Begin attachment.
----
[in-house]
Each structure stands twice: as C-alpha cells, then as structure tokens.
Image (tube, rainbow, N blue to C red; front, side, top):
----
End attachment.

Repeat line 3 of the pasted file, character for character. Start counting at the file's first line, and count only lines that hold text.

Image (tube, rainbow, N blue to C red; front, side, top):